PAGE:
I've created and released a small Vim plugin that will try to mimic TextMate's behaviour to insert the closing pair of quotes, brackets, parentheses, braces etc. Download simple pairs! (I've also created one for Emacs)
I used Vim's built-in python scripting support, and seeing that it wasn't documented very well, I present some useful patterns here.
Python inside Vim script
The first thing to know is how to define a block as Python code inside Vim script. You can do it like that:
python << endpython # your python code here endpython
endpython can be whatever you want, as long as it is in the beginning of the line by itself. Other people use
EOF, but I find it confusing.
Interfacing with Vim
Inside Python code, you can
import vim and you have access to a lot of vim objects, the most useful IME being:
vim.command- execute a vim command
vim.eval- evaluate a vim expression and return the result
vim.current.window.cursor- get the cursor position as (row, col) (row is 1-based, col is 0-based)
vim.current.buffer- a list of the lines in the current buffer (0-based, unfortunately)
So to get the current line, you can use:
import vim (row, col) = vim.current.window.cursor line = vim.current.buffer[row-1] # 0 vs 1 based prevChar, nextChar = line[col-1], line[col] # will IndexError if at start or end of line
Of course, you can also update the cursor position and change the line contents:
vim.current.window.cursor = (1, 0) # move to top left vim.current.buffer = "hello, world" # change first line vim.current.buffer.append("last line!") del vim.current.buffer # also works with slices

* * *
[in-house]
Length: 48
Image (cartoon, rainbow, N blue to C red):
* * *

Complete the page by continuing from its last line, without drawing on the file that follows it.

You have to always check the bounds, or you will get
IndexErrors, which are very annoying.
Python inside a Vim function
This is where things become interesting. In the simple pairs, I wanted to use the
<C-R>=expression functionality, that will eval the
expression and insert the results into the buffer, from insert mode. Turns out that
python expr is not a valid Vim expression, so I had to wrap my Python functions inside Vim functions. This is the way to do it:
function! MyCoolFunction(anArg) python << endpython import vim anArg = vim.eval("a:anArg") # do important stuff vim.command("return 1") # return from the Vim function! endpython endfunction
vim.eval to get the values of the vim function arguments, then you use
vim.command to return from the vim function. Doing a plain Python
return will not work.
You can of course set the values of variables as well, and use them later in vim script:
python << endpython vim.command("let l:something = 1") endpython if l:something == 1 return 'hi' else return 'bye' endif
You can freely mix and match vim script and python code inside a vim file, as long as you use the
python << endpython markers. Each Python block is executed in the same context, so you can define your helper functions and do whatever initialization you want in a big python block in the beginning, and then just call functions and access global state as needed.
One drawback is that the tracebacks you get when you have an error don't give you line numbers (the filename is
<string>), but you can still understand what went wrong from the messages themselves.